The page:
January 3 the combat command did not attempt any further attack, but contented itself with holding its line in the woods between Otibourcy and Bizory. The Germans continued their counter-attacking, but all were beaten off. Heavy firing was again the battalion's order of the day, despite more snow and resultant bad visibility; 2200 rounds were expended. Around noon counter-battery fire fell in the Luzery area, and two enlisted men were wounded: Pvt. Melvin L. Buingardner, Headquarters Battery, and Pfc. Allen S. Middleton, B Battery.
January 4 was a dark day for the Sixth Armored Division. Beginning early in the morning, the Germans hurled everything they could muster at the division's positions in all, seventeen separate counter-attacks were launched, complete with infantry, tanks, and artillery. Finally by nightfall the division was forced to withdraw some several thousand yards to shorten its lines in an effort to compensate for its terrific losses in men and materiel, but each German blow had been successfully beaten off-and largely by the sheer weight of massed artillery that cut each German force to pieces as it assembled. The battalion fired 3,222 rounds during the day; Service Battery's trucks were hauling ammunition day and night over icy Belgian roads to feed the guns.
The next day the battalion withdrew back through Bastogne to positions about a mile southwest of the city, around Isle-le-Pre. Luzery was deemed too precarious for artillery, after the division's withdrawal of the previous day had brought the line back to Bizory, only 2,000 yards east of Bastogne and Luzery. The change of position altered the battalion's activities little, however. The Germans continued to be active all along the division front, though never again to the extent they were on January 4, and fires were delivered day and night in support of Wall's defensive positions, and later in support of elements of the 320th Infantry Regiment of the 35th Division, which was brought in to reinforce the division and begin limited attacks on January 10.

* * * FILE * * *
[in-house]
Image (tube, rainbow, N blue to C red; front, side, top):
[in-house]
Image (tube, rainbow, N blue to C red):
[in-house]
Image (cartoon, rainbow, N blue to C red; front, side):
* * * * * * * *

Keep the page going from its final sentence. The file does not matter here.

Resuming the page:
During this period, and in fact through all of the Bastogne campaign, whenever snow and poor visibility did not ground them, the battalion liaison pilots and air observers had a field day adjusting fire on the continuous flow of Germans into the battle. What the battalion wiremen did could hardly be called a field day, but maintaining two trunk lines through the center of Bastogne was in itself a full time job; the Ger- mans kept pounding the city day and night with their heaviest artillery, and every concentration cut lines. One of the concentrations landed as the battalion was pass- ing through on January 5, and Sgt. Manuel Silva of Battery C was wounded. Some of the fire overshot its mark, and landed in the battalion's isle-le-Pre positions. An A Battery man, Pfc. Grady E. Wilson, was wounded by this fire on January 12; the next day Sgt. William C. Caffelle was wounded by a round that landed in his B Battery.
The daily attacks finally took Oubourcy, and on January 15 the battalion was able to displace to positions a mile east of Bastogne, between Mont and Neff. Little firing was done from this area, because more heavy snow and almost zero visibility made observation impossible most of the time. Michamps was taken, however, and on January 20 the battalion moved to occupy positions between Bizory and Oubourcy.
By this time German might in the bulge was only history; they were retreating all along the line, and the remaining days of the Ardennes campaign was pursuit. The 212th was placed in Combat Command A for the race, in direct support of Task Force Britton, the 9th Infantry Battalion. Very little support was necessary, however, until the Clervaux River and Troisverges as reached late January 22. The battalion spent most of its time on the road making long displacements, on January 21 to Moinet, and the next day across the Belgium-Luxembourg border to Weiler. From the vicin- ity of Weiler, the combat command's advance into Troisverges was supported on Jan- uary 23; and on the next two days the battalion delivered fire in support of attacks on Weiswampach, Breidfeld, and the high ridge overlooking the boundary between Luxembourg and Germany. Displacement across the river was not permitted, because the division was scheduled to stop once the high ground was taken. January 26 saw practically no activity at all, and the next day the division was relieved and given a defensive zone to the south around Clervaux. A month of holding and "active defense" was beginning.